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Vasily V Kuznetsov

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June 9, 1990 | From the Associated Press
Vasily V. Kuznetsov, who served as vice president to four Soviet presidents, died in Moscow this week at the age of 89, the official newspaper Pravda reported. Kuznetsov, who died Tuesday, became Soviet vice president in 1977 under Leonid I. Brezhnev and retired from the post in 1986, when Andrei A. Gromyko was president. In between, he served under two leaders, Yuri Andropov and Konstantin Chernenko.
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NEWS
June 9, 1990 | From the Associated Press
Vasily V. Kuznetsov, who served as vice president to four Soviet presidents, died in Moscow this week at the age of 89, the official newspaper Pravda reported. Kuznetsov, who died Tuesday, became Soviet vice president in 1977 under Leonid I. Brezhnev and retired from the post in 1986, when Andrei A. Gromyko was president. In between, he served under two leaders, Yuri Andropov and Konstantin Chernenko.
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NEWS
June 18, 1986 | Associated Press
The Kremlin dismissed the culture minister today in a possible stirring of the "fresh wind" Soviet intellectuals and artists have hoped for under Mikhail S. Gorbachev's leadership. Removal of Pyotr N. Demichev, 68, who confined the arts within his conservative mold for 12 years, was announced at a session of the Supreme Soviet. He was given the largely ceremonial job of deputy to President Andrei A. Gromyko. There also were indications of the ascendancy of Anatoly F.
NEWS
March 11, 1987 | WILLIAM J. EATON, Times Staff Writer
The Soviet Academy of Sciences has adopted a plan that calls for compulsory retirement at age 65 for directors of its research institutes, a Soviet source said Tuesday. The plan fits in with reforms announced by Soviet leader Mikhail S. Gorbachev and could be the forerunner of a move to force aging Communist Party officials into retirement.
CALIFORNIA | LOCAL
January 21, 1986 | From Times Wire Services
Soviet diplomat Valerian A. Zorin, who scoffed at U.S. charges that his country had installed offensive missiles in Cuba, died on his 84th birthday, the Communist Party newspaper Pravda said. Pravda said Zorin died Jan. 14, but gave no cause of death in its weekend report. Zorin had been removed from key positions in 1971 and held the post of ambassador-at-large at his death.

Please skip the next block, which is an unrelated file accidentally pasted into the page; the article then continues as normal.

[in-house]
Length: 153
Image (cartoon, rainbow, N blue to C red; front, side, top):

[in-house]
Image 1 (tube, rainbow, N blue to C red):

NEWS
April 25, 1989 | From Times Wire Services
Former Foreign Minister Andrei A. Gromyko and 109 aging members of the Communist Central Party Committee were forced out today in what was viewed as a major political victory for Soviet leader Mikhail S. Gorbachev. Eleven of the senior figures removed from the top Kremlin councils had been closely linked to Gorbachev's disgraced predecessor, Leonid I. Brezhnev. Clearly strengthening Gorbachev's position and the future of his perestroika reform program, the Communist Party's Central Committee approved the resignation of more than a third of the members of the policy-setting body who cited "reasons of health and other personal reasons."
NEWS
June 19, 1986 | Associated Press
The Kremlin dismissed the culture minister Wednesday in a possible stirring of the "fresh wind" that Soviet intellectuals and artists have hoped for under Mikhail S. Gorbachev's leadership. Removal of Pyotr N. Demichev, 68, who confined the arts within a conservative mold for 12 years, was announced at a session of the Supreme Soviet. He was given the largely ceremonial job of deputy to President Andrei A. Gromyko. There also were indications of the ascendancy of Anatoly F.
NEWS
March 7, 1986 | WILLIAM J. EATON, Times Staff Writer
Anatoly F. Dobrynin, the Soviet ambassador to Washington for the last 24 years, was transferred Thursday to a top-level post in the Communist Party's governing Secretariat as leader Mikhail S. Gorbachev moved to consolidate his control at the close of the 27th party congress. In a departure from tradition, a woman was one of five new members appointed to the Secretariat as Gorbachev put his stamp on the body that has day-to-day responsibility for governing.
NEWS
March 12, 1985 | RUDY ABRAMSON, Times Staff Writer
Hours after the announcement of the death of Soviet President Konstantin U. Chernenko, President Reagan pledged Monday to work "with an open mind" toward improvement of U.S.-Soviet relations and said he is "looking forward" to meeting Chernenko's successor, Mikhail S. Gorbachev. The President decided not to attend Chernenko's funeral, designating Vice President George Bush to head the U.S. delegation.
CALIFORNIA | LOCAL
October 8, 1986 | JONATHAN POWER, Jonathan Power writes for the International Herald Tribune.
Excuse the French, but the Iceland summit is, if it is anything, detente. Yet that word, which infused the political vocabulary in the early 1970s, has become lost to American speakers--not over a breakdown in arms control but because the Cubans went into Angola in 1975. The Cubans are still there, and logic would suggest that detente is still in suspension until they withdraw. But no, it is not even on the Reykjavik agenda.
CALIFORNIA | LOCAL
March 20, 1987 | EDMUND S. MUSKIE, Former Sen. Edmund S. Muskie (D-Me.) served as the secretary of state in 1980-81
Henry A. Kissinger's important service to our nation needs no recitation; his auto-biographies provide a brilliant and effective apologia. Yet his very eminence in our national debate obliges others to take account of the erratic course that his views have taken over the years. The evolution of his thinking on nuclear strategy and arms control is perplexing; it gives one pause when assessing his negative counsel on President Reagan's unprecedented opportunity in arms control.
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